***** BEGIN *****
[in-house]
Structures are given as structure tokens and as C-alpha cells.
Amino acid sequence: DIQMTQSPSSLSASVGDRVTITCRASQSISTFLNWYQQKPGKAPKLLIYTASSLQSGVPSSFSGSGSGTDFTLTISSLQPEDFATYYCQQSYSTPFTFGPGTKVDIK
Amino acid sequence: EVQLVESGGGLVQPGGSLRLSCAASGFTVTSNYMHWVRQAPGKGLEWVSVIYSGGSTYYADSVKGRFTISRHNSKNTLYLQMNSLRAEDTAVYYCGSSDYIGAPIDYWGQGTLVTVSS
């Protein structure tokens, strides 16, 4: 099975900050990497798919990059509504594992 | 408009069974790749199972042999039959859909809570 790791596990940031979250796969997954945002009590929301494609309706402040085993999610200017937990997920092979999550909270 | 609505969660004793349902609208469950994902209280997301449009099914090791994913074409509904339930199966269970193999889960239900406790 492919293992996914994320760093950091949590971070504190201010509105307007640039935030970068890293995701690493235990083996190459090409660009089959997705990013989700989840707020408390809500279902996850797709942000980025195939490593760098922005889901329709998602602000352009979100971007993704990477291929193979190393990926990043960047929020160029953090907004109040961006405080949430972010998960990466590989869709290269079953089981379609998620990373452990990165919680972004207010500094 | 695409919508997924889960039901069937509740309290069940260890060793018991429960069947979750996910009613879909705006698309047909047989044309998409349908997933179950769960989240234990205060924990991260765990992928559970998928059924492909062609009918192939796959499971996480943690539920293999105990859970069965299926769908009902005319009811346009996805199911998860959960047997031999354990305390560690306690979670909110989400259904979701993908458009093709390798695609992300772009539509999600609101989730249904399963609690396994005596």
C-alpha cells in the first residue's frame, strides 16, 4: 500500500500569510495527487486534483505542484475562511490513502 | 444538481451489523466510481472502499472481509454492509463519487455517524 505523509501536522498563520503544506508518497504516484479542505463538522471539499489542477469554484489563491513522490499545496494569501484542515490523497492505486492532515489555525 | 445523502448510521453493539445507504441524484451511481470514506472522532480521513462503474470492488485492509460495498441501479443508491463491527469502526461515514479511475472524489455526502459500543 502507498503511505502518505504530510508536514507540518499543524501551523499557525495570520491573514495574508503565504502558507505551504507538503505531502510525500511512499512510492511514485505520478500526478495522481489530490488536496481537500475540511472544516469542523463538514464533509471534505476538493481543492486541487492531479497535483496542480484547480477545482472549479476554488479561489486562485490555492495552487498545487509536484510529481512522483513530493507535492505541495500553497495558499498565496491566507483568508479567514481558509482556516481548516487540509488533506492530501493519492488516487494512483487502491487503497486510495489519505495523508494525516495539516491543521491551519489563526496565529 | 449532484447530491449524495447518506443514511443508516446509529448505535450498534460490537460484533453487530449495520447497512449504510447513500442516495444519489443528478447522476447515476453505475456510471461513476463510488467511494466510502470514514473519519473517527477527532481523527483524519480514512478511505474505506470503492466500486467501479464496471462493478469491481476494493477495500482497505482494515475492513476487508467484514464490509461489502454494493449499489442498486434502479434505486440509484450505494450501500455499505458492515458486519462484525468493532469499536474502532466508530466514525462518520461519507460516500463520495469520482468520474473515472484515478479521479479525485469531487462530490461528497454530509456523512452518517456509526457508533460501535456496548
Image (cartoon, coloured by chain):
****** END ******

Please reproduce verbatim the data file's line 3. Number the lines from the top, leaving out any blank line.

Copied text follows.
Amino acid sequence: DIQMTQSPSSLSASVGDRVTITCRASQSISTFLNWYQQKPGKAPKLLIYTASSLQSGVPSSFSGSGSGTDFTLTISSLQPEDFATYYCQQSYSTPFTFGPGTKVDIK